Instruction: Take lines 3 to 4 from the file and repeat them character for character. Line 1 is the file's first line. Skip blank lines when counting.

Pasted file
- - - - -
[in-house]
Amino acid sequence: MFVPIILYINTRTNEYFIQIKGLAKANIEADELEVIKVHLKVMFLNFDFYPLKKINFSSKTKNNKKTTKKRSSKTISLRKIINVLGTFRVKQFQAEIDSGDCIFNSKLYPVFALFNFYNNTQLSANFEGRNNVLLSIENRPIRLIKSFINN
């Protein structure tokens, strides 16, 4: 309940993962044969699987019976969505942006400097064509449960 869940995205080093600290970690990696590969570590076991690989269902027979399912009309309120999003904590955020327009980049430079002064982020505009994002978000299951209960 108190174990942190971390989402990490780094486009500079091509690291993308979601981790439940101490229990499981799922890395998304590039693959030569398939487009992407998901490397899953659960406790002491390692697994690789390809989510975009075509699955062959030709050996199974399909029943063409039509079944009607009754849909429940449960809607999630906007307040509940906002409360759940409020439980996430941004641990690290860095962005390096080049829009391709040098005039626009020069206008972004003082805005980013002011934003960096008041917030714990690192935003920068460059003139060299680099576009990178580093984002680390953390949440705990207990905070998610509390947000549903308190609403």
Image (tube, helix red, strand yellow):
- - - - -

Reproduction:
């Protein structure tokens, strides 16, 4: 309940993962044969699987019976969505942006400097064509449960 869940995205080093600290970690990696590969570590076991690989269902027979399912009309309120999003904590955020327009980049430079002064982020505009994002978000299951209960 108190174990942190971390989402990490780094486009500079091509690291993308979601981790439940101490229990499981799922890395998304590039693959030569398939487009992407998901490397899953659960406790002491390692697994690789390809989510975009075509699955062959030709050996199974399909029943063409039509079944009607009754849909429940449960809607999630906007307040509940906002409360759940409020439980996430941004641990690290860095962005390096080049829009391709040098005039626009020069206008972004003082805005980013002011934003960096008041917030714990690192935003920068460059003139060299680099576009990178580093984002680390953390949440705990207990905070998610509390947000549903308190609403």
Image (tube, helix red, strand yellow):